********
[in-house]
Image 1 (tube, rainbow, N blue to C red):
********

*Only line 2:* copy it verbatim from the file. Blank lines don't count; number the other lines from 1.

Image 1 (tube, rainbow, N blue to C red):